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By XE Market Analysis June 11, 2021 4:11 am
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    XE Market Analysis: Europe - Jun 11, 2021

    The dollar has traded softer so far today, tracking an extended decline in longer-dated U.S. Treasury yields, which has seen the 10-year T-note yield hit a fresh three-month lows under 1.440%, which is nearly 10 bp down on yesterday's peak. The magnitude of the greenback's declines has been limited, though enough to see two-day lows versus the euro and pound, and a four-day low in the case of the Australian dollar. The U.S. currency has, meanwhile, remained within yesterday's ranges against the yen and Canadian dollar, among other currencies. What's remarkable is this price action being seen in the wake of data yesterday showing that U.S. CPI hit a rate of 5.0% y/y in May -- the sharpest clip since 2008. In the Treasury market, the word is that bond bears have been in the final throws of capitulation, becoming accepting of the Fed's steadfast view that inflationary pressures will prove to be a transitory phenomenon and long-term inflation risks are low. Reflecting this, the 10-year Treasury break-even rate, which is a gauge of the level of inflation priced in over the next decade, have fallen to 2.32% from the eight-year high of 2.55% that was seen last month. The ECB's policy decision has also been in the mix as it stuck to its commitment of significantly higher PEPP purchases, which disappointed some, including ourselves, who had been anticipating the removal of the word "significantly" from the bank's statement. Going forward, the dollar is likely to remain with an overall softening bas. With the Fed holding out with ultra-accommodative monetary policy, the notably higher prevailing inflation rate in the U.S. relative to peers imparts a negative dynamic on the nominal value of the U.S. currency. We particularly remain bullish on the Canadian dollar and other cyclical currencies. Oil prices, underpinned by the combo of ongoing sub-capacity output from the OPEC+ group and rising global demand, look set to foray further into 32-month high territory. Industrial commodity prices can also expect to remain underpinned given the level of fiscal and monetary stimulus in the works globally.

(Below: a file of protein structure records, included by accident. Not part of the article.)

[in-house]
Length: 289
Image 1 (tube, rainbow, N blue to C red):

[EUR, USD]